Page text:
"These moons are the last remnants of the building blocks of the giant planets as all other material in the giant planet region likely fell into the planets to help form them", Sheppard said. Like the others, they, too, are thought to be fragments of a larger moon that slammed into something else.
With the moon's orbit set at an angle to the rest, this means that Valetudo doesn't take the riskiest path around Jupiter, but it does dive through the orbits of the retrograde moons, inviting a collision at some point.
They also have a retrograde orbit, or the opposite direction to the spin of Jupiter on its axis.
All the newly identified moons are relatively small, ranging in size from about six-tenths of a 1km to 4km.
Two of the new moons are found closer to Jupiter, orbiting the gas giant in prograde - in the same direction as Jupiter's spin.
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The chance find brings Jupiter's tally of moons to 79, 17 more than Saturn, the planet with the second most. "Cars are coming right at you, and it's very likely you're going to have some head-on collision". Valetudo is the name of Jupiter's great-granddaughter and a Roman goddess of health and hygiene, so it fits the bill. "Head-on collisions would quickly break apart and grind the objects down to dust."Some of Jupiter's moons and moon groupings, including the "oddball", could have formed from collisions like this, according to the statement". This proved to be quite helpful, as the unknown moons around Jupiter are small and dim. These satellites are part of a large group of moons that orbit in retrograde far from Jupiter. These all travel in retrograde, or the opposite of Jupiter's rotation, while two more, also though to be moon remnants, travel in prograde. "Not because of its orbit, but rather because it's so small".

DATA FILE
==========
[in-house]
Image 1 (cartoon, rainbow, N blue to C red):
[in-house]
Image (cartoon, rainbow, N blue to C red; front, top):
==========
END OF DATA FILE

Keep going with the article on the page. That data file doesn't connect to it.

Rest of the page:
Most of the discoveries were made with the Dark Energy Camera on the Blanco 4-metre telescope at Cerro Tololo Inter-American in Chile, operated by the National Optical Astronomical Observatory of the United States. The work was led by Scott Sheppard, a researcher at the Carnegie Institution for Science who studies small bodies in the solar system and the formation of planets and stars. It may sound chaotic, but since "they're at different distances, they don't really ever interact with one another", Sheppard says.
The researchers believe that there might be a planet 200 times farther from the sun than we are (and five times more distant than Pluto) with an extremely stretched and oblong orbit on the edge of our solar system.
The 12th new moon is a bit of an oddball, Sheppard said, with "an orbit like no other known Jovian moon".
Due to their sizes - just 0.6 to 1.9 miles (1 to 3km) in diameter - these moons are more influenced by surrounding gas and dust. We already have a classification for dwarf planets.
Sheppard and his colleagues speculate that Valetudo was probably once much larger, but was ground down, over the course of billions of years, as a result of collisions.